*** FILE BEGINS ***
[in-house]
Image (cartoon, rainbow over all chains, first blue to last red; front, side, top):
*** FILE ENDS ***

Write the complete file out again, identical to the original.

[in-house]
Image (cartoon, rainbow over all chains, first blue to last red; front, side, top):